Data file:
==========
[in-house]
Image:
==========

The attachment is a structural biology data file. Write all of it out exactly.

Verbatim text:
[in-house]
Image: